Friday, August 6, 2010

Cilantro at the Bat

It seemed there was no cilantro in Boston all week. Not even slimy, rotting, maybe I can salvage 3 or 4 leaves?, undersized bunches. The theme continued last night as I rolled into Whole Foods at 8:30 or so, desperation making me willing to pay an assumed $3.99 for a small quantity. There wasn't any in the store. Not even in the proverbial back. I checked every day this week.

The cilantro I had been growing on my windowsill died. So did a subsequent seeding. And then a subsequent planting of whole plants with roots.

Usually when I can't find an ingredient I adapt. But my very specific and inflexible plans for the fresh tomatillos included in this week's CSA delivery required it.

It wasn't in any supermercados, mercados, or bodegas; it wasn't in Chinatown or in Super 88; It wasn't in Shalimar. Not in Shaw's, Stah Mahkit, or Stop and Shop. Not in Harvest, not in Whole Foods. I was starting to think that I should query the cooks/artists at India Quality. Or ask at Ana's Taqueria.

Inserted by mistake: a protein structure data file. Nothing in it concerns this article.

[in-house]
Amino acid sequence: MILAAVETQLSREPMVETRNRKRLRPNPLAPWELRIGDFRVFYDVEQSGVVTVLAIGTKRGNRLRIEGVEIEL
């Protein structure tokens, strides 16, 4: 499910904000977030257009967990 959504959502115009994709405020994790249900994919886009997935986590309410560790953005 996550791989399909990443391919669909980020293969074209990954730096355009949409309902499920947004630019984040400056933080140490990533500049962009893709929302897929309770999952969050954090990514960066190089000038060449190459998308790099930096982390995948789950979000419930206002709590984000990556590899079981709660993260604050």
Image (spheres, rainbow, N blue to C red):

I knew it had to be somewhere. I even checked the USDA Herb Report this morning to verify that it existed somewhere in the greater Boston area. (Yes, I am that nuts.) So it was definitely being traded across the harbor. Since it's Friday, after physical therapy, I went to Haymarket, the liquidator of what's unsold at the market at week's end to see. Nobody had it. Not one vendor. The herb guy wasn't even there. The other vendors that usually offer herbs were selling sad-looking bunches of rosemary, thyme, and parsley, and okay-looking basil. I started to suspect that the heat had done herbs in for the week.

I was still without cilantro. I shuffled back to Whole Foods for my fifth visit this week. For some reason, the whole walk was punctuated by my thinking, "There is no joy in Mudville. There is no cilantro in Boston."

Today they had it--organic! in large bunches!--for $1.69, a pleasant surprise. I realize that Californians are probably laughing at the price that I think was a steal, but produce is much more expensive on the East Coast, and produce in Boston is more expensive than produce in New York City. Not generally, just is. Local produce too, conventional and organic, industrially farmed and not. (Interestingly enough, the wholesale markets in both cities are owned by the same company, but obviously Boston is a smaller market that is more difficult to access by air, land, sea, and rail than New York, not that it's an excuse for a TWENTY TO FOUR HUNDRED PERCENT difference in prices at the retail level, since wholesale prices aren't that different between the two, but I digress.)

So yeah, I got my cilantro.

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